So in C major by picking I V I IV we have:

C major to G7 to C major to F major. And repeat as many times as you like.. you could do:

C C C G7 G7 G7 F F F C C C


C C C C G7 G7 G7 G7 F F F F C C C C any strumming pattern will do.

Now if you recorded this you may wonder "Well what can i play over that" ... well you should already know and this is the answer:

C major chord - C Ionian Scale (Ionian is the mode name of Major Scale)
Reason why, is C = I which is in the progression and the I scale is Ionian (Major scale).

G7 dominant chord - G Mixolydian Scale
Reason why, is G = V which is in the progression and the V mode is Mixolydian.

F Major chord - F Lydian AND F Ionian scales. (However F major is a key change)
Reason why, is F = IV in the key of C major and I in the key of F Major, which is in the progression and the IV mode is Lydian in C major, and the chord F major will obviously work with F major scale.

So now you got 3 simple chords and also 4 scales you can play with, plus just to add, you could use ALL the modes in C major as they will give different themes to your playing. Great examples of themes with modes is Joe Satriani, but he's not the first nor the last and not the only one either but for me he is very melodic and gets great music out of the modes.
For me if i want a happy magic moment in a song i tend to pick Lydian, and if i want some sad moment in the song i pick Aeolian, this is simplistic approach but people may use them difrently.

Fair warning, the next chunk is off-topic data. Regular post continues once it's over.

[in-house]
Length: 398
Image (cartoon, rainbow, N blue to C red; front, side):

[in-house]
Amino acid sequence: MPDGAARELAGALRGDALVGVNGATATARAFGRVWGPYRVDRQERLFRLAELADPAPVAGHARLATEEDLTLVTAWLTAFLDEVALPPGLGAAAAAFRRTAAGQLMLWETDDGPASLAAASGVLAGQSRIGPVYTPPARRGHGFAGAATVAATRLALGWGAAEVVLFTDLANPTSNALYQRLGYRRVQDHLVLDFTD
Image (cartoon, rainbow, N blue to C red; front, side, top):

Here Satriani demonstrates modes and how they sound, take a listen you will hear the difference in how they sound, he uses E as his root and uses slightly more difficult scales that i have not covered:

- PART 1

- PART 2

*Please note you may not see much point of using such over the top method on such simplistic level, but it is handy once you have read up on it.
Other people may learn differently, but i find this good for practice, because alot of people will go "what chord can i change to which will work, well the circle progression is a good starting point.
Though i may not be correct here I'm self taught so my findings could be once again a mis-interpretation so if some one could correct me would be handy! :)

Noble Member
Joined: 17 years ago
Posts: 1106

Here is another really good resource. It is taken from the courses at Musician's Instititute:

Famed Member
Joined: 20 years ago
Posts: 2811

When trying to play with a backing track do you just try all types of chords?
Most backing tracks are created with the rhythm section already recorded. They're intended for lead improvisation or lead playing. There are backing tracks of already recorded songs though, with the guitar rhythm taken out, but you'd have to learn the songs to be able to play over them.

Honorable Member
Joined: 18 years ago
Posts: 554

One simple tip is that very many songs are in the I - IV - V chord progressins, so if I is G, then IV will be C, and V will be D :wink: